Lifting up the Lowly

“But when [Jesus] heard this, he said, “Those who are well have no need of a physician, but those who are sick. Go and learn what this means, ‘I desire mercy, not sacrifice.’ For I have come to call not the righteous but sinners.” (Matthew 9:12-13)

Greetings, Fighter,

The statement from Jesus that appears above came in response to grumbling from the local clergy on account of the company He kept. I’m sure they wouldn’t have minded so much if Jesus had restricted Himself to preaching to those they considered disreputable. Jesus partied with them!

This Sunday’s reading from the ninth chapter of Matthew’s Gospel features a series of encounters between Jesus and people who lived on the margins. We begin with Jesus recruiting Matthew, a tax-collector, as a disciple, after which Matthew invites “many tax collectors and sinners” to join them for dinner (Matthew 9:10). The dinner party is interrupted by a call for help for a little girl who is near death, and Jesus drops everything and leaves (Matthew 9:19). The journey to the little girl’s house though is also interrupted, this time by a woman “who had been suffering from haemorrhages for twelve years” (Matthew 9:20).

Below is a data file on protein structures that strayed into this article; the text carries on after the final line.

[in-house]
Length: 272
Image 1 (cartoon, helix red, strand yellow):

By the end of the reading, the little girl is alive and well and the haemorrhaging woman has been healed. Whether or not they then went back to Matthew’s house with Jesus to continue the party, we don’t know. What we do know is that it was this prioritising of people on the periphery that alienated Jesus from the establishment and that would ultimately lead to Him being targeted.

Stories like this make me wonder why today’s Critical Social Justice (CSJ) theorists haven’t picked up on Jesus as an advocate for their cause. If you’re not familiar with CSJ, it’s a form of activism with its roots in the thinking of Karl Marx, where history is interpreted in terms of power differentials between rich and poor people, black and white, queer and straight, etc. The goal of CSJ is not simply to understand the way these power struggles work but to correct them – to bring down the mighty from their thrones and to uplift the lowly, so to speak (Luke 1:52).

The problem with depicting Jesus as a CSJ advocate is that not all the marginalised people Jesus dealt with can be easily identified as oppressed. The sick girl and the disabled woman fit that description but the initial target of the establishment’s ire – Matthew, the tax-collector – was a cisgender, white male. Moreover, he was rich and powerful! Yes, he was despised by most of his fellow countrymen and women, but he had chosen power over popularity when he decided to work for the Roman occupying forces. It’s hard to feel sympathetic towards him, though Jesus evidently did – “Go and learn what this means, ‘I desire mercy, not sacrifice” (Matthew 9:13)